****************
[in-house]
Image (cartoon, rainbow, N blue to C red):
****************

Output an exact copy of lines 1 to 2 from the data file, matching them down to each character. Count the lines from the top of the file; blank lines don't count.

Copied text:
[in-house]
Image (cartoon, rainbow, N blue to C red):